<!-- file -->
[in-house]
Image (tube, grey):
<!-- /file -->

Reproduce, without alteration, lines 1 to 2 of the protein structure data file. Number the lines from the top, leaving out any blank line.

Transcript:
[in-house]
Image (tube, grey):